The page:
• Careers
  • Contact Us

TUPE and Insolvency: What Is the Extent of Your Liability?

on Friday, 03 May 2019.

A recent Court of Appeal case, Graysons Restaurants Ltd v Jones and Others, illustrates the importance of carrying out due diligence when taking on staff from an insolvent employer.

In considering this case, it is important to note that whilst the Transfer of Undertakings (Protection of Employment) Regulations 2006 (TUPE) normally transfers all liabilities relating to any transferring employees to the transferee, where a transfer occurs from an insolvent employer, in order to promote a rescue culture, the normal rules are relaxed and certain debts, including arrears of pay for up to 8 weeks, can be claimed from the National Insurance Fund (NIF).


Back in 2007, 86 female employees of Liverpool City Council working in catering roles in various schools across Liverpool brought a claim for Equal Pay against the Council. Before the claim was heard, the Council outsourced the catering work and the employees transferred firstly to Hopkinson Catering Ltd and then to Duchy Catering Ltd. In 2009, two years after the employees transferred to Duchy, Duchy went into administration and the assets of Duchy were purchased by Graysons, and the claimants' contracts of employment transferred to Graysons under TUPE. At that time, the Equal Pay claims had still not been determined. The case was finally heard in the Employment Tribunal in 2016 and the Employment Judge was asked to determine:

  1. whether the claims for equal pay were arrears of pay which, given that the claims were undecided at the time, gave rise to a debt on the date of Duchy's insolvency; and
  2. if they were a debt, whether liability for the debt transferred from Duchy to Graysons under TUPE.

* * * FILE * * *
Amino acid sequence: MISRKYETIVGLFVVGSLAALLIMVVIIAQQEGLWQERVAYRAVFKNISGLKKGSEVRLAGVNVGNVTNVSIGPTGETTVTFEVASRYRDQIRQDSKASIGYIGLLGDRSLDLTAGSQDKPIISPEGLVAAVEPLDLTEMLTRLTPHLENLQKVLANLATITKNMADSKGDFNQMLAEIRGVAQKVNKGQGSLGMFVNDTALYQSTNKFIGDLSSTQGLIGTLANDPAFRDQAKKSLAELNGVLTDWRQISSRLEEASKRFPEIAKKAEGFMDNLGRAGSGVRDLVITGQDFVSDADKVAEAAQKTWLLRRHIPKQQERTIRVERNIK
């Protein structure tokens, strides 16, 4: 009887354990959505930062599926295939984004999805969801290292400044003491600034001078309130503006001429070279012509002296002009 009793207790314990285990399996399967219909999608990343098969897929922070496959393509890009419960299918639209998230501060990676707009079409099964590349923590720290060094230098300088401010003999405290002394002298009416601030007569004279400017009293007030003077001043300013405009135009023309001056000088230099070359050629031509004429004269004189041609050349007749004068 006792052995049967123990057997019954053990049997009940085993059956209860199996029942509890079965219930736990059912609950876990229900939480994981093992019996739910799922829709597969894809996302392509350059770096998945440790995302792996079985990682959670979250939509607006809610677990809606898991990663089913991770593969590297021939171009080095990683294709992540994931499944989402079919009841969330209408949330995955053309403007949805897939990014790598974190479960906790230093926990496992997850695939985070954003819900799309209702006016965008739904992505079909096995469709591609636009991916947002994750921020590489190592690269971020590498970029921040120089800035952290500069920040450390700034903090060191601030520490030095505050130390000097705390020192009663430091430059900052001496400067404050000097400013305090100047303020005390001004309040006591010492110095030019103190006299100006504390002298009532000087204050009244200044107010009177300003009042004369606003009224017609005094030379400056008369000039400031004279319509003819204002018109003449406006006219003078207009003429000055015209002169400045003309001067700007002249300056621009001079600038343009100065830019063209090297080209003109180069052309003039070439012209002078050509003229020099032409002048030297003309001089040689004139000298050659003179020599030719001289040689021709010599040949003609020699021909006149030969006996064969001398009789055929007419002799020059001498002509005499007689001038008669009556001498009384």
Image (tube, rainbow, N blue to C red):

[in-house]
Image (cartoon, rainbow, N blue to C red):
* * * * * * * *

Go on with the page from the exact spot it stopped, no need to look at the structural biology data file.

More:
The Employment Judge held that the equal pay arrears were not a debt until such time as the equal pay claims had succeeded, but also found that if they were a debt, then liability for the debt, in excess of any sums guaranteed by the NIF, would transfer to Graysons.

Graysons appealed to the EAT and the Secretary of State, who administers the NIF, was joined as a party. The EAT determined that since the law on equal pay requires the claimants' contracts to be treated as if modified by an equality clause throughout the life of the contract, then unless the claim for equal pay was defeated, the sums claimed were arrears of pay that were due to the claimants throughout the period for which comparators were paid more, and were therefore a debt at the date of Duchy's insolvency. Accordingly the EAT found that the first 8 weeks of arrears were guaranteed by the NIF and the remainder of the liability transferred to Graysons.

The Secretary of State then appealed to the Court of Appeal. Although Graysons settled their litigation with the claimants prior to the appeal being heard; the Court of Appeal proceeded to hear the case to consider the Secretary of State's grounds of appeal. The Court of Appeal upheld the EAT's findings that the arrears of pay were a debt at the time Duchy became insolvent, even though the case had yet to be determined, and therefore held that 8 weeks arrears of pay was due from the NIF.


Although the Court of Appeal decision focused on the liability of the NIF, the case overall makes it clear that any arrears of pay owed to the transferring employees that exceeds statutory limits is not extinguished by the insolvency, but will pass to the transferee.  

Often in TUPE situations the transferee will be able to obtain indemnities from the transferor to mitigate against liabilities such as arears of pay, but in a transfer out of insolvency, such indemnities are not an option. It is therefore even more important for potential purchasers to ensure that they carry out thorough due diligence to establish any potential liabilities that they could be inheriting in order to assess whether a purchase should proceed and, if so, to ensure the purchase price adequately reflects the risks.  

For more information, please contact Lorna Scully in our Employment team on 0121 227 3719, or complete the form below.


Get in Touch

First name(*)
Please enter your first name.

Last name(*)
Invalid Input

Email address(*)
Please enter a valid email address

Please insert your telephone number.

How would you like us to contact you?

Invalid Input

How can we help you?(*)
Please limit text to alphanumeric and the following special characters: £.%,'"?!£$%^&*()_-=+:;@#`

See our privacy page to find out how we use and protect your data.

Invalid Input